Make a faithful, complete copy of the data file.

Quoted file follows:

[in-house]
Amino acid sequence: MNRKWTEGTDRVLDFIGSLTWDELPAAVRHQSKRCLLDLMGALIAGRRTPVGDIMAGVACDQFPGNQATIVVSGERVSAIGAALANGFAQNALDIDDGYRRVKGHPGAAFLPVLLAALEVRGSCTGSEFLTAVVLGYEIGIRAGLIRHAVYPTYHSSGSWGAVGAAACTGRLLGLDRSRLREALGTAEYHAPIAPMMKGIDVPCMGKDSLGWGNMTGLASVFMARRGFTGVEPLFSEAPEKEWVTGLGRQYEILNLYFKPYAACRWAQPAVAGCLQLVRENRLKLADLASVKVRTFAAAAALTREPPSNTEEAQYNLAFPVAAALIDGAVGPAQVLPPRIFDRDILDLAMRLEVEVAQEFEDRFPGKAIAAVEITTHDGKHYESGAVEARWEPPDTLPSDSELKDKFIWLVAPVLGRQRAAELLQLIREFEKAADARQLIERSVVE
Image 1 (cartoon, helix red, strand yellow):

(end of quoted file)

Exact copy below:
[in-house]
Amino acid sequence: MNRKWTEGTDRVLDFIGSLTWDELPAAVRHQSKRCLLDLMGALIAGRRTPVGDIMAGVACDQFPGNQATIVVSGERVSAIGAALANGFAQNALDIDDGYRRVKGHPGAAFLPVLLAALEVRGSCTGSEFLTAVVLGYEIGIRAGLIRHAVYPTYHSSGSWGAVGAAACTGRLLGLDRSRLREALGTAEYHAPIAPMMKGIDVPCMGKDSLGWGNMTGLASVFMARRGFTGVEPLFSEAPEKEWVTGLGRQYEILNLYFKPYAACRWAQPAVAGCLQLVRENRLKLADLASVKVRTFAAAAALTREPPSNTEEAQYNLAFPVAAALIDGAVGPAQVLPPRIFDRDILDLAMRLEVEVAQEFEDRFPGKAIAAVEITTHDGKHYESGAVEARWEPPDTLPSDSELKDKFIWLVAPVLGRQRAAELLQLIREFEKAADARQLIERSVVE
Image 1 (cartoon, helix red, strand yellow):